Homemade Horehound Cough Drops

Learn the medicinal benefits of the herb horehound, how to grow it in your own garden, and how to make cough drops that will soothe any sore throat.


| Winter 2012/2013


A Soothing Winter Herb

My parents ran a small-town grocery store when I was growing up. They stocked just about everything needed for daily life in a rural farming community. Everything from tires and chicken feed to garden seed and canned goods were in their store. Ice cream, bread, kerosene, bandages, boots and handkerchiefs, all filled the shelves and cabinets of our store.

Using home remedies was more common than going to a doctor for many of our neighbors. That meant that lots of folks grew their own herbs, or picked them from the wild, and mixed up poultices, decoctions, tinctures, and the like.

Horehound was common in our area, usually growing in cow pastures and back lots. It’s native to Europe, and just about everyone in our little town was either a first or second generation immigrant from Germany or England and all knew the plant. No one knew just who had brought the plant generations ago, but it had escaped into the wild and naturalized itself, much like it has across much of the United States. To find it, we only needed walk down the alley or along a fencerow. I remember people making a strong tea to gargle for a sore throat but I don’t recall anyone actually making horehound candy cough drops. Most likely it was because horehound cough drops were so inexpensive and available, no one thought to make their own. We stocked them for sale in the grocery store the year around; a bag sold for just pennies.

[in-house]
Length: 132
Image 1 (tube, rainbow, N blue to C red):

Horehound (Marrubium vulgare) is a perennial herb of the mint family (Laminaceae) that has centuries of history for being used in treating sore throat, coughing and upset stomach. The wooly, crinkled leaves and white flowering tops of the herb have been used historically for treating loss of appetite, indigestion, bloating, gas, diarrhea, whooping cough and painful menstrual periods in women, but it’s best known for soothing a cough. (Always check with a reliable health care professional before self-medicating yourself for any illness and always be sure of a plant’s identity before using it).



You can still find horehound candy and horehound cough drops in historic site gift shops and sometimes in old-time gift stores, but if you check the ingredients, they are artificially flavored and seldom contain any horehound. While you would get an approximation of the bitter-sweet flavor of the old candy, you wouldn’t get any of the throat-soothing benefits.

You can easily grow your own horehound, and make your own horehound cough drops. One option would be to buy dried horehound from an herb store if you didn’t care to grow your own plant, but it’s such an easy plant to grow, tough and hardy with virtually no insect pests to bother it so you might like to grow your own.







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